This question has been asked as new research shows the number of landlords within the private rented sector has dropped by 8% or approximately 200,000 since 2019.
This reduction has been pinned on the additional stamp duty costs of entering the market and the reduction in mortgage interest relief, all of which have dampened demand for investment property.
And the number of landlords may reduce further, says property firm Barrows and Forrester, as a further 21% say they are considering quitting the market.
“Minister don’t seem to understand that the buy-to-let sector is the backbone of the rental market and fewer landlords means fewer properties and even less affordable rents,” says MD James Forrester.
His research also highlights how a mass-market exodus could be on the cards ahead of a potential increase in capital gains tax.
But for landlords who have stuck around, returns have been improving; the average value of a property portfolio has increased by £38,820 to £491,234 since 2019.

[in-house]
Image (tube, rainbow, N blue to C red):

The largest uplift has been in the SW of England where average portfolio values has risen by £49,000, approximately £10,000 more than anywhere else.
Barrow and Foster says these increases have been driven largely by the stamp duty holiday, which has seen a surge in demand for properties in both the general and buy-to-let sectors, leading to competition and higher offers.
“However, true to form, it seems as though the government will do their best to spoil the party with an increase in capital gains tax via next month’s budget,” says Forrester (pictured).
“This is quite astounding given the string of changes already implemented to stamp duty tax thresholds and tax relief and the impact it has had on landlord numbers.”